986 Forum - for Porsche Boxster & Cayman Owners

986 Forum - for Porsche Boxster & Cayman Owners (http://986forum.com/forums/)
-   Boxster General Discussions (http://986forum.com/forums/boxster-general-discussions/)
-   -   Octane?? (http://986forum.com/forums/boxster-general-discussions/43863-octane.html)

Timco 03-28-2013 05:24 PM

Octane??
 
Car says use 93 min. Here I can only get 91 octane.

Can someone tell me what this translates into as far as performance or engine life?

KRAM36 03-28-2013 05:52 PM

I don't know the answer to your question, but I have the same issue here. I buy some Octane Booster for every fill up.

thstone 03-28-2013 06:22 PM

Higher octane allows the ECU to advance the timing to get slightly more power. Very slightly. The ECU will automatically adjust the timing to account for 91 octane. No worries.

1olddude 03-28-2013 07:05 PM

91 is the same octane in Utah as 93 in California because of the elevation. You won't see any difference.

Kenny Boxster 03-28-2013 08:31 PM

Quote:

Originally Posted by KRAM36 (Post 333961)
I don't know the answer to your question, but I have the same issue here. I buy some Octane Booster for every fill up.

91 is the highest some states have, which is not a problem for the Boxster. Get 93 if you can, but don't waste any money on Octane Booster. Snake oil at it's best. Some have been even been found to reduce power, and some contain ethanol. No good.

blue2000s 03-28-2013 08:54 PM

Because the air is less dense in the mountain states, the engine is less sensitive to knock, hence the lower octane requirement. 91 in the mountains is equivalent from an anti-knock standpoint to 93 at sea level. You WILL NOT make as much power as a car at sea level, but it's due to the density of air, not the octane of the fuel. Adding octane booster is a waste of money, and actually will drop power even further. In other words, what Kenny said.

Timco 03-28-2013 09:24 PM

Quote:

Originally Posted by blue2000s (Post 333989)
Because the air is less dense in the mountain states, the engine is less sensitive to knock, hence the lower octane requirement. 91 in the mountains is equivalent from an anti-knock standpoint to 93 at sea level. You WILL NOT make as much power as a car at sea level, but it's due to the density of air, not the octane of the fuel. Adding octane booster is a waste of money, and actually will drop power even further. In other words, what Kenny said.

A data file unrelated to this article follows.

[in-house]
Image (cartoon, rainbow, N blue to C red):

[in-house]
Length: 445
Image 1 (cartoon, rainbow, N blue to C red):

So can I carry an oxygen tank with me and run a hose to the intake? Like nitrous?

Jaak 03-28-2013 09:52 PM

From the Canada Forum on Rennlist that I had posted:


Did the search:

To clear up a bit of confusion in North America we use a CLC measurement. CLC is 4 points LESS than RON which is used in the rest of the world so 95 RON is equal to 91 CLC. If your car needs 93 RON ... it will be more than covered with Shell 91. See this link Octane Ratings

Here's another link: Octane rating - Wikipedia, the free encyclopedia

In most countries (including all of Europe and Australia) the "headline" octane rating, shown on the pump, is the RON, but in the United States, Canada and some other countries the headline number is the average of the RON and the MON, sometimes called the Anti-Knock Index (AKI), Road Octane Number (RdON), Pump Octane Number (PON), or (R+M)/2. Because of the 8 to 10 point difference noted above, the octane rating shown in the United States is 4 to 5 points lower than the same fuel elsewhere: 87 octane fuel, the "regular" gasoline in the US and Canada, is 9192 in Europe. However most European pumps deliver 95 (RON) as "unleaded", equivalent to 9091 US (R+M)/2, and some even deliver 98 (RON), 100 (RON), or 102 (RON).[2]



Sunoco 94 has close to 10% Ethanol. Look at the sticker on the pump.

986_c6 03-28-2013 09:58 PM

Been running 91 octane (which is the best we can get in the sorry state of Cali) on all my cars with no probs.

tricolour 03-28-2013 10:02 PM

As JAAK has said.

In Oz we have 91, 95 and 98 RON.
The fuel sticker on my wifes 'S' says 96 RON.
I run it on 98 mainly because of the high summer temperatures that can stay in the 35C - 38C range for weeks.

blue2000s 03-29-2013 05:54 AM

Quote:

Originally Posted by Timco (Post 333991)
So can I carry an oxygen tank with me and run a hose to the intake? Like nitrous?

It's exactly what Nitrous Oxide injection does.

ProjectM96 03-29-2013 06:06 AM

Quote:

Originally Posted by Timco (Post 333954)
Car says use 93 min. Here I can only get 91 octane.

Can someone tell me what this translates into as far as performance or engine life?

When I bought my Boxster, most gas stations in my area had 91 and 92 octane.

I called up Porsche of America and they said I can use a minimum of 91 octane. I lose about 0.2HP for using it over 93 octane, but who cares?

It makes no difference in reliability or gas mileage. Those are just myths.

986Porsche986 03-29-2013 06:46 AM

I've been using 91 for the last ten years in her with no problems. I did recently find a cheveron station that does sell the premium with no ethanol, so I've been using that every chance that I get.

986_c6 03-30-2013 12:29 AM

Yes. I agree with 986Porsche986.

I would worry about the performance loss with ethanol content in the gas more so than the actual octane.


All times are GMT -8. The time now is 01:13 AM.

Powered by vBulletin® Version 3.8.7
Copyright ©2000 - 2019, vBulletin Solutions, Inc.
Content Relevant URLs by vBSEO 3.6.0
Copyright 2018 Pelican Parts, LLC - Posts may be archived for display on the Pelican Parts Website